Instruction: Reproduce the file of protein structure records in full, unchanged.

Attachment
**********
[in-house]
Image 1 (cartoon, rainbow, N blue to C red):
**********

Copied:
[in-house]
Image 1 (cartoon, rainbow, N blue to C red):